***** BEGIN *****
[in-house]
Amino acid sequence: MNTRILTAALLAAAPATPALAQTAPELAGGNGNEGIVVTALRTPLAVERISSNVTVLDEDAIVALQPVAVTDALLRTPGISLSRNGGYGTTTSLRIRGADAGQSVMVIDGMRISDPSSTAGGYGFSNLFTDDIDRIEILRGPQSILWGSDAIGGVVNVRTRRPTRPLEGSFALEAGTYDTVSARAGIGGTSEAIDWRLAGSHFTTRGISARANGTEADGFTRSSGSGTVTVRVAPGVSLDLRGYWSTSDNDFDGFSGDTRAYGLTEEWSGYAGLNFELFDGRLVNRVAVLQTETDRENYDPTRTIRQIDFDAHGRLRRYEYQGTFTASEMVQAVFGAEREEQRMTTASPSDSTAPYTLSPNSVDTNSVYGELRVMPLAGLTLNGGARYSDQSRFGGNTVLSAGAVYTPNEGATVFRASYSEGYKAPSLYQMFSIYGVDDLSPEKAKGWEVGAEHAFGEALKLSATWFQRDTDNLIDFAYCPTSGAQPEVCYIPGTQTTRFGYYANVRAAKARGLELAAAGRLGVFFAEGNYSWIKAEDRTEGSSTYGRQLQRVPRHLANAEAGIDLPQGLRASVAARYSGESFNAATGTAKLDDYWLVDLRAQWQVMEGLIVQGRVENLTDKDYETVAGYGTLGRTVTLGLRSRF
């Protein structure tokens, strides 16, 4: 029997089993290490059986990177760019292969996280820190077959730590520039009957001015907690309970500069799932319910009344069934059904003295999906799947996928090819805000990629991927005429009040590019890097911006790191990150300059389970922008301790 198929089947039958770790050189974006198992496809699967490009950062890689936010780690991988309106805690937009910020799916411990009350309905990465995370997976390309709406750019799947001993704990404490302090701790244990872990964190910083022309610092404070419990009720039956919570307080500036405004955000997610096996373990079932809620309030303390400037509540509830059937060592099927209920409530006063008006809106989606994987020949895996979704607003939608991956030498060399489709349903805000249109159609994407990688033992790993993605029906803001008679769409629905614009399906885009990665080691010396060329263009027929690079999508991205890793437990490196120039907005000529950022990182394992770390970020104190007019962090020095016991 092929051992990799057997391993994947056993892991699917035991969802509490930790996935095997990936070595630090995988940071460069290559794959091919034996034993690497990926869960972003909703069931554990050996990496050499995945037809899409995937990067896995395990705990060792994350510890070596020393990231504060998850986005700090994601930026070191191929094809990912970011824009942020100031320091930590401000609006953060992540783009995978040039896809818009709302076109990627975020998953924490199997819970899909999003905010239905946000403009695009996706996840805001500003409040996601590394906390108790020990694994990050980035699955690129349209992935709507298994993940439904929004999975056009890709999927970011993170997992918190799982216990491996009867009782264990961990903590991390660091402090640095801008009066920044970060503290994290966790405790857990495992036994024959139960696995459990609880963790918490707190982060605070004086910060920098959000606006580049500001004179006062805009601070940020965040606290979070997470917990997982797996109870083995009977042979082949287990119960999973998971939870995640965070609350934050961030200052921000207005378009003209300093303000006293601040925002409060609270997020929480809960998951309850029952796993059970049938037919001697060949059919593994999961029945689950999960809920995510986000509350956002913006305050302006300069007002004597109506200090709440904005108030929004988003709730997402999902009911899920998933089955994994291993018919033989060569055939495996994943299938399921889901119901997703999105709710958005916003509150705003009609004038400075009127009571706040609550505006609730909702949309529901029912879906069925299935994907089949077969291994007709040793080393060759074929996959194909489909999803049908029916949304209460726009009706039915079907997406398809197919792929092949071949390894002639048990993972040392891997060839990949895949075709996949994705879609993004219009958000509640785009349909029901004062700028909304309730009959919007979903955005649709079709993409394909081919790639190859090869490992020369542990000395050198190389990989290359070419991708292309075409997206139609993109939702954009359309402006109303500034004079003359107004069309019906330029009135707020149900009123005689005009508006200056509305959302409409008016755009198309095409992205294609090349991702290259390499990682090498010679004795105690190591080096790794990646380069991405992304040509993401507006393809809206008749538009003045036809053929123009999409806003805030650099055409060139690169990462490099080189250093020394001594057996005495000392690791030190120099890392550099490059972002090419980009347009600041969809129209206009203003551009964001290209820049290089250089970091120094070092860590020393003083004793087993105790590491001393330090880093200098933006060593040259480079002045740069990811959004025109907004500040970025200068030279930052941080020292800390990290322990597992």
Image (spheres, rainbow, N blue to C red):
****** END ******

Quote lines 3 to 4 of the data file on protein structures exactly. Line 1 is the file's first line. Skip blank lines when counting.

């Protein structure tokens, strides 16, 4: 029997089993290490059986990177760019292969996280820190077959730590520039009957001015907690309970500069799932319910009344069934059904003295999906799947996928090819805000990629991927005429009040590019890097911006790191990150300059389970922008301790 198929089947039958770790050189974006198992496809699967490009950062890689936010780690991988309106805690937009910020799916411990009350309905990465995370997976390309709406750019799947001993704990404490302090701790244990872990964190910083022309610092404070419990009720039956919570307080500036405004955000997610096996373990079932809620309030303390400037509540509830059937060592099927209920409530006063008006809106989606994987020949895996979704607003939608991956030498060399489709349903805000249109159609994407990688033992790993993605029906803001008679769409629905614009399906885009990665080691010396060329263009027929690079999508991205890793437990490196120039907005000529950022990182394992770390970020104190007019962090020095016991 092929051992990799057997391993994947056993892991699917035991969802509490930790996935095997990936070595630090995988940071460069290559794959091919034996034993690497990926869960972003909703069931554990050996990496050499995945037809899409995937990067896995395990705990060792994350510890070596020393990231504060998850986005700090994601930026070191191929094809990912970011824009942020100031320091930590401000609006953060992540783009995978040039896809818009709302076109990627975020998953924490199997819970899909999003905010239905946000403009695009996706996840805001500003409040996601590394906390108790020990694994990050980035699955690129349209992935709507298994993940439904929004999975056009890709999927970011993170997992918190799982216990491996009867009782264990961990903590991390660091402090640095801008009066920044970060503290994290966790405790857990495992036994024959139960696995459990609880963790918490707190982060605070004086910060920098959000606006580049500001004179006062805009601070940020965040606290979070997470917990997982797996109870083995009977042979082949287990119960999973998971939870995640965070609350934050961030200052921000207005378009003209300093303000006293601040925002409060609270997020929480809960998951309850029952796993059970049938037919001697060949059919593994999961029945689950999960809920995510986000509350956002913006305050302006300069007002004597109506200090709440904005108030929004988003709730997402999902009911899920998933089955994994291993018919033989060569055939495996994943299938399921889901119901997703999105709710958005916003509150705003009609004038400075009127009571706040609550505006609730909702949309529901029912879906069925299935994907089949077969291994007709040793080393060759074929996959194909489909999803049908029916949304209460726009009706039915079907997406398809197919792929092949071949390894002639048990993972040392891997060839990949895949075709996949994705879609993004219009958000509640785009349909029901004062700028909304309730009959919007979903955005649709079709993409394909081919790639190859090869490992020369542990000395050198190389990989290359070419991708292309075409997206139609993109939702954009359309402006109303500034004079003359107004069309019906330029009135707020149900009123005689005009508006200056509305959302409409008016755009198309095409992205294609090349991702290259390499990682090498010679004795105690190591080096790794990646380069991405992304040509993401507006393809809206008749538009003045036809053929123009999409806003805030650099055409060139690169990462490099080189250093020394001594057996005495000392690791030190120099890392550099490059972002090419980009347009600041969809129209206009203003551009964001290209820049290089250089970091120094070092860590020393003083004793087993105790590491001393330090880093200098933006060593040259480079002045740069990811959004025109907004500040970025200068030279930052941080020292800390990290322990597992």
Image (spheres, rainbow, N blue to C red):